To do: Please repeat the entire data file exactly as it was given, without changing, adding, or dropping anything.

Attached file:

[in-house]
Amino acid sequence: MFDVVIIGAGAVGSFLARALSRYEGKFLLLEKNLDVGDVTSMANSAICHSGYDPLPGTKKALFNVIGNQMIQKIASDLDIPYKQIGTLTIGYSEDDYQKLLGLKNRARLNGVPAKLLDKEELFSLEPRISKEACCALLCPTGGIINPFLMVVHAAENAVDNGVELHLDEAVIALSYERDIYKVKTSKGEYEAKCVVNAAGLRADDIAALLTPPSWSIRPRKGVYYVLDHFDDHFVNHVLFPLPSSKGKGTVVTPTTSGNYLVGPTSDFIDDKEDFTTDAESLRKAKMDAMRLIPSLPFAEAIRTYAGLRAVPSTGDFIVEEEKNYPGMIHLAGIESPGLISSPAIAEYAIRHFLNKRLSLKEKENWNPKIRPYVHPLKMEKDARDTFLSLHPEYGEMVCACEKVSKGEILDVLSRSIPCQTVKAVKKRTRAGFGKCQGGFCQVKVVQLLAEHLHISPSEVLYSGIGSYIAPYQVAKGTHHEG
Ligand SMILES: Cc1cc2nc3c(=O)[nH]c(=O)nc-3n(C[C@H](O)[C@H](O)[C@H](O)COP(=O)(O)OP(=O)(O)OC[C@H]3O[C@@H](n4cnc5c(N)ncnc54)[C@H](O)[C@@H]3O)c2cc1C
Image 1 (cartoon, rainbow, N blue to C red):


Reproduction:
[in-house]
Amino acid sequence: MFDVVIIGAGAVGSFLARALSRYEGKFLLLEKNLDVGDVTSMANSAICHSGYDPLPGTKKALFNVIGNQMIQKIASDLDIPYKQIGTLTIGYSEDDYQKLLGLKNRARLNGVPAKLLDKEELFSLEPRISKEACCALLCPTGGIINPFLMVVHAAENAVDNGVELHLDEAVIALSYERDIYKVKTSKGEYEAKCVVNAAGLRADDIAALLTPPSWSIRPRKGVYYVLDHFDDHFVNHVLFPLPSSKGKGTVVTPTTSGNYLVGPTSDFIDDKEDFTTDAESLRKAKMDAMRLIPSLPFAEAIRTYAGLRAVPSTGDFIVEEEKNYPGMIHLAGIESPGLISSPAIAEYAIRHFLNKRLSLKEKENWNPKIRPYVHPLKMEKDARDTFLSLHPEYGEMVCACEKVSKGEILDVLSRSIPCQTVKAVKKRTRAGFGKCQGGFCQVKVVQLLAEHLHISPSEVLYSGIGSYIAPYQVAKGTHHEG
Ligand SMILES: Cc1cc2nc3c(=O)[nH]c(=O)nc-3n(C[C@H](O)[C@H](O)[C@H](O)COP(=O)(O)OP(=O)(O)OC[C@H]3O[C@@H](n4cnc5c(N)ncnc54)[C@H](O)[C@@H]3O)c2cc1C
Image 1 (cartoon, rainbow, N blue to C red):